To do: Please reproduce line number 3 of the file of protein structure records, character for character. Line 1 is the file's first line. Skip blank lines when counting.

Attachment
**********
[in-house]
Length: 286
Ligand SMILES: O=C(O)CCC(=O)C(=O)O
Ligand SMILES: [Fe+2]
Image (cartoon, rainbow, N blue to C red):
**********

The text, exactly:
Ligand SMILES: O=C(O)CCC(=O)C(=O)O